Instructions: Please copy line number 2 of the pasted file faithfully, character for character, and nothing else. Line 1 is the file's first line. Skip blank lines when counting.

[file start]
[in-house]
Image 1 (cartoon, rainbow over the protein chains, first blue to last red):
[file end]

Image 1 (cartoon, rainbow over the protein chains, first blue to last red):